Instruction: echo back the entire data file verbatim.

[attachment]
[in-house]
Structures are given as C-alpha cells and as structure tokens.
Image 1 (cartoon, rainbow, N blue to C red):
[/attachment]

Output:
[in-house]
Structures are given as C-alpha cells and as structure tokens.
Image 1 (cartoon, rainbow, N blue to C red):